SEO 101 listener Paul Mycroft asked (via the SEO 101 forum on WebProWorld) what SEO services we think a web designer like him could offer/should be offering and how those services would differ/compare to a full-time SEO specialist.
From the question, it sounds like his clients are small to medium sized businesses that either aren’t ready for a full blown SEO specialist or don’t have the budget for a dedicated SEO person right now.
Paul says he spends much of his time each month designing, building and maintaining web sites and, in the process of doing so, he also performs some monthly SEO maintenance for those clients. The monthly SEO maintenance includes Google Analytics/traffic software analysis, keyword and internal linking adjustments, and some external link development. Paul estimates that he spends about four hours per month per client on these activities, and that the clients are getting what he considers to be “decent results”.
Additional services Paul could offer, like more intensive link development or linkbait/content writing would add a tremendous amount of time per client and would cause his workload to bloat to the point he needs to start outsourcing to other SEOs or developers, hire help, or try to handle everything by himself (and probably burn out in the process).
If hiring help or outsourcing aren’t in the plans, Paul should continue to provide the services he’s already performing for his clients, but make sure he’s educating them on the actual value of what he’s doing for them. He might also want to update his promotional literature to reflect a greater emphasis on SEO-conscious web design and list all of the benefits of building SEO into your website from the get-go, rather than trying to optimize a site as an afterthought to the design process.
So what are the benefits that should be emphasized?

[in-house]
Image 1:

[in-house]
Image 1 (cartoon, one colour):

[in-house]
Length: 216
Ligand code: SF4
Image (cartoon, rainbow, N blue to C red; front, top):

- A bot friendly site. The most awesome website in the universe is a waste of time and money if no one ever visits it.
- Proper use of stylesheets. Way, way, WAY too many web designers and developers think it’s good, right and proper to use stylesheets for *everything* and do so to the point they omit important things like H1 tags and <strong> tags, and other HTML structures that the bots use to understand what is important on the page.
- Good content. It’s not that most businesses can’t come up with quality content for their websites — most people in general just don’t know what defines good content. Having a developer or SEO consultant who can guide the client and educate them on how to locate good content, and then tweak it to be perfect content, is practically priceless.
- Good URL structure. Do you have any idea what a colossal pain in the keister it is to try to fix bad url structure after the fact, or patch a content management system that makes crappy URLs by default — especially AFTER the site has gone live? Trust me… this is another one of those things that you just don’t fully appreciate until you’ve had to do it the hard way.
- Graceful degradation. Graceful degradation is when your site is viewed by users who don’t have a browser capable of rendering it as it was intended to be viewed, but it is STILL USABLE despite not being as pretty as originally planned. Good SEO generally leads to good usability… and to steal a line from St. Martha, “that’s a good thing.”
What Paul is already doing for these businesses is probably worth a lot more than they realize, and worth a lot more than they’re paying. He should probably raise his rates. 😉